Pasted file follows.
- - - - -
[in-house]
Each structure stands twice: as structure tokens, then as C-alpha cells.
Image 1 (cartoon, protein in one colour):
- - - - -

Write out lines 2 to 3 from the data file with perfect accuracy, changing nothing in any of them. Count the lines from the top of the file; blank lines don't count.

Each structure stands twice: as structure tokens, then as C-alpha cells.
Image 1 (cartoon, protein in one colour):